Online learning and training have become not just a critical marketing channel for executives and professionals, but another avenue for generating revenue that compliments core service offerings. The e-learning market is expected to exceed $300 billion by 2025, and that includes both individuals and corporations investing more and more into online learning. There has never been a better time to join the growing industry of eLearning.

You have a great idea for a course, which leads to the question: Now what?

Most Common Types of Courses

There’s no sense in reinventing the wheel when it comes to creating your first online course. There are a number of different categories into which most online courses fall:

  • Assessment courses. These courses help students assess (test) their skills. This course type can also be used as a powerful lead magnet to gather prospective students’ emails early on in the process.
  • Pre-sell videos. Pre-sell lessons are short videos that preview the subject matter of a full course that you intend to create. These are great tools for validating a course idea and can be shared with a select group of targeted prospects.
  • Μini-courses. Mini-courses are short to consume summaries (teasers) of a full-sized course. In contrast to pre-sell courses, mini-courses provide real educational value: A full summary of what will be taught in the full-sized course.
  • Live courses. This course type includes mostly scheduled live sessions. Your live meetings can include different types of material, including quizzes, gamification, and open discussions. , You can also provide resources to support your students, including downloadable files (PDF) of your presentations, transcripts of courses, and office hours, where the instructor can be reached for questions, feedback or support.
  • Workshops. Demonstration courses consist of a series of videos where an instructor demonstrates specific skills to students online. Workshop courses usually feature arts and crafts, painting, sewing, fitness, content creation, anything that shows the instructor demonstrating something new that students try to imitate through observation.
  • Professional training courses. Professional training courses serve in building knowledge, skills, and competence. Corporate training is a main use case of professional training courses and this course outline template.

Choosing an e-Learning Platform and Uploading the Content

We recommend selecting an e-learning platform that allows you to retain control over how you promote your courses, course pricing, and data regarding students.

When selecting a platform to host your course, it’s important to also know how you will market and sell it. If you already have an active and engaged email list, you may be able to sell your course organically through your email list. If you do not, you may need to create marketing campaigns that promote the course. Depending on how much you are charging per course, you should consider pay-per-click advertising on social media and search engines.

You’ll also need an effective webpage to convert users from prospects to students and subscribers. An often overlooked component of marketing online courses is upselling. Instructors can offer products related to the subject matter of the course. For example, if you are selling a course on how to paint abstract paintings for $29.99, you would also want to offer a course for a different type of abstract painting ($29.99), a course or handout for choosing and caring for brushes ($9.99), and an in person/live Zoom training course ($199.99), or a subscription to your art podcast or monthly trainings ($29.99). Together with those you now have $300 worth of products you are showing to your buyer at one time.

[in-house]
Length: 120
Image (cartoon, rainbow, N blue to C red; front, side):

As you can see, there are many strategic choices to make in deciding how to transform your expertise into a marketable and profitable course, and there’s a lot of technology to master. You can use a strategist to develop a pre-launch strategy, make critical choices for deploying and promoting your course, and get you up and running.

Common Mistakes to Avoid

If you’re making an online course for the first time, it’s easy to fall into some common mistakes. Here are a few common pitfalls that creators encounter when they start producing courses:

  • Lengthy videos. Attention spans are getting shorter. Video courses should be less than 20 minutes. Subject matter should be discrete and conveyed in a way that is easy to comprehend.
  • Worrying too much. Being a perfectionist is one thing, but if you are overly worried about your video’s quality, the content, or other factors, your course will be a constant work in progress. Don’t let the perfect be an enemy of the good: You’ll never get an audience if you never release a course.
  • Not testing first. Like all new ventures, testing your product with real users, friends, and family is a great way to avoid silly mistakes. You might have forgotten to add a video, deleted a quiz you mention on the previous assignment, or forgot to include a “buy button.” Test your course and have someone proofread your landing pages and content for mistakes.

Online courses continue to grow in popularity—and for good reason. You can spread your ideas, promote your brand and services, and impact others by leveraging this important new forum.